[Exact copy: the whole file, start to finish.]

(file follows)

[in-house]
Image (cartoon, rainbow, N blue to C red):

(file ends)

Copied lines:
[in-house]
Image (cartoon, rainbow, N blue to C red):